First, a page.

Buried in a January 7th Heritage WebMemo by J.D. Foster and Bill Beach is this passage explaining in careful logic via eloquent metaphor the nature of, and reasons for, economic growth:

The American economy does not rise and fall with the level of aggregate demand or deficit spending. Further, government cannot simply pump up total demand through deficit spending. The deficit for 2009 is already projected to exceed $1 trillion, so if deficit spending were effective, the economy should already be poised to take off.

Yet the economy is contracting despite these unprecedented deficits because government spending in excess of tax revenues will be financed by borrowing from the private sector, which deprives the private sector of a like amount of purchasing power. In short, deficit-financed government spending goes up and private spending goes down, changing the composition of demand but not the total.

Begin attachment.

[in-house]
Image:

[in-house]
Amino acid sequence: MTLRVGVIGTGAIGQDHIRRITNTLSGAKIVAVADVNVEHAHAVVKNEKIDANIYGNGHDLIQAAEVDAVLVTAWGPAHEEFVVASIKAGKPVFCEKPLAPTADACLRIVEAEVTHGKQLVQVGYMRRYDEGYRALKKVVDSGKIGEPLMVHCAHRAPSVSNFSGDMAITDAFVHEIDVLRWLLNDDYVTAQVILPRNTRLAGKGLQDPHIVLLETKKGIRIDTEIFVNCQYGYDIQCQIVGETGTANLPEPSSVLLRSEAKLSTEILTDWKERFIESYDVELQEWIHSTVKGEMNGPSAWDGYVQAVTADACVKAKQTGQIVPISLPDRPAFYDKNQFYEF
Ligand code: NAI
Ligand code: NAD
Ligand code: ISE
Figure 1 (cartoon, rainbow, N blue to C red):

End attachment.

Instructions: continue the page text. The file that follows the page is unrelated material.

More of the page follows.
Focusing on demand in this way is like focusing on the sound of one hand clapping. The other hand is supply, and that is where the economic action really is. There are normal processes that launch a recovery and drive an economy. These processes involve individuals and businesses responding to opportunities and incentives. When they respond, these individuals and businesses produce more goods and services valued in the marketplace, simultaneously increasing production, demand and income. An effective stimulus policy recognizes these economic processes and seeks to accelerate them. Lower marginal tax rates stimulate the economy because they improve the incentives facing individuals and businesses to work, invest, take risks, and seize opportunities.

Yes, “An effective stimulus policy recognizes these economic processes and seeks to accelerate them,” not use devious blitzkrieg tactics to break the line for social agenda while calling it ‘stimulus spending.’